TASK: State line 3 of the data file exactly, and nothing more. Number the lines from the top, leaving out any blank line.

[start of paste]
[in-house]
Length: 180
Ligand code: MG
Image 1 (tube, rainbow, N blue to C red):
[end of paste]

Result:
Ligand code: MG